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Viruses are the most numerically abundant biological entities on Earth. As ubiquitous replicators of molecular information and agents of community change, viruses have potent effects on the life on Earth, and may play a critical role in human spaceflight, for life-detection missions to other planetary bodies and planetary protection. However, major knowledge gaps constrain our understanding of the Earth's virosphere: (1) the role viruses play in biogeochemical cycles, (2) the origin(s) of viruses and (3) the involvement of viruses in the evolution, distribution and persistence of life. As viruses are the only replicators that span all known types of nucleic acids, an expanded experimental and theoretical toolbox built for Earth's viruses will be pivotal for detecting and understanding life on Earth and beyond. Only by filling in these knowledge and technical gaps we will obtain an inclusive assessment of how to distinguish and detect life on other planetary surfaces. Meanwhile, space exploration requires life-support systems for the needs of humans, plants and their microbial inhabitants. Viral effects on microbes and plants are essential for Earth's biosphere and human health, but virus–host interactions in spaceflight are poorly understood. Viral relationships with their hosts respond to environmental changes in complex ways which are difficult to predict by extrapolating from Earth-based proxies. These relationships should be studied in space to fully understand how spaceflight will modulate viral impacts on human health and life-support systems, including microbiomes. In this review, we address key questions that must be examined to incorporate viruses into Earth system models, life-support systems and life detection. Tackling these questions will benefit our efforts to develop planetary protection protocols and further our understanding of viruses in astrobiology.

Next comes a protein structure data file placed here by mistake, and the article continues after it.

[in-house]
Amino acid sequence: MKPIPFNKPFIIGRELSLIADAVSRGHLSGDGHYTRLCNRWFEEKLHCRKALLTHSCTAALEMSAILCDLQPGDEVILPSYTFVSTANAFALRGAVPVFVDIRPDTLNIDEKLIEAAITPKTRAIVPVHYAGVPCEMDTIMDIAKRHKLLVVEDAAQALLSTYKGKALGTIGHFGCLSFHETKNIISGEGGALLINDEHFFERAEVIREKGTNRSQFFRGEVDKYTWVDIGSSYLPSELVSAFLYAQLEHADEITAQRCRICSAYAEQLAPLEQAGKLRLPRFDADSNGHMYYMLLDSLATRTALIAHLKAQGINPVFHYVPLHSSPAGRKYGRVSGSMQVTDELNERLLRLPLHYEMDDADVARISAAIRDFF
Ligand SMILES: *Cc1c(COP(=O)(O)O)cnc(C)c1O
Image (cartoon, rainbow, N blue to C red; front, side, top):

The hindguts of lower termites harbor highly diverse, endemic communities of symbiotic protists, bacteria, and archaea essential to the termite's ability to digest wood. Despite over a century of experimental studies, ecological roles of many of these microbes are unknown, partly because almost none can be cultivated. Many of the protists associate with bacterial symbionts, but hypotheses for their respective roles in nutrient exchange are based on genomes of only two such bacteria. To show how the ecological roles of protists and nutrient transfer with symbiotic bacteria can be elucidated by direct imaging, we combined stable isotope labeling (13C-cellulose) of live termites with analysis of fixed hindgut microbes using correlated scanning electron microscopy, focused ion beam-scanning electron microscopy (FIB-SEM), transmission electron microscopy, and high resolution imaging mass spectrometry (NanoSIMS). We developed methods to prepare whole labeled cells on solid substrates, whole labeled cells milled with a FIB-SEM instrument to reveal cell interiors, and ultramicrotome sections of labeled cells for NanoSIMS imaging of 13C enrichment in protists and associated bacteria. Our results show these methods have the potential to provide direct evidence for nutrient flow and suggest the oxymonad protist Oxymonas dimorpha phagocytoses and enzymatically degrades ingested wood fragments, and may transfer carbon derived from this to its surface bacterial symbionts.